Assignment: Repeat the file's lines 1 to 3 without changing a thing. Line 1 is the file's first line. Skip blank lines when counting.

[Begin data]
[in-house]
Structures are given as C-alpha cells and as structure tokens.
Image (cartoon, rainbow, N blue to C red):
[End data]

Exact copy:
[in-house]
Structures are given as C-alpha cells and as structure tokens.
Image (cartoon, rainbow, N blue to C red):